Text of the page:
No one was killed in the 6.0-magnitude earthquake that jostled residents awake early Sunday.Emphasis on the no one was killed part. In early August 2014, a 6.1 earthquake in Southwestern China killed nearly 600 and injured close to 2,500 more.
The Queen of the Valley Medical Center said it has treated "approximately 208" patients since the earthquake struck. Of those, 17 were admitted to the hospital, and one is still in critical condition.
The majority of patients sustained injuries that were not life-threatening.
Why the difference? Government regulation and stricter building codes throughout the U.S., particularly in Northern California.
From the U.S. Geological Survey:
The majority of deaths and injuries from earthquakes are caused by the damage or collapse of buildings and other structures. These losses can be reduced through documenting and understanding how structures respond to earthquakes. Gaining such knowledge requires a long-term commitment because large devastating earthquakes occur at irregular and often long intervals. Recording instruments must be in place and waiting, ready to capture the response to the next temblor whenever it occurs. The new information acquired by these instruments can then be used to better design earthquake-resistant structures. In this way, earth scientists and engineers help reduce loss of life and property in future earthquakes.For as much as Republicans clamor for fewer regulations and less government oversight, I think we can all agree this is one area where the government absolutely does it right.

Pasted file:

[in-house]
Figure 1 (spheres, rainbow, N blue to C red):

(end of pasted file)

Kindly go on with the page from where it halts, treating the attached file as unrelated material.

Vox put together a fantastically informative video outlining just how different the regulations affect the outcome of a major earthquake. Jump below the fold to see the video.